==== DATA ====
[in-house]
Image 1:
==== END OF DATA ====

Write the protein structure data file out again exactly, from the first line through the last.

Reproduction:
[in-house]
Image 1: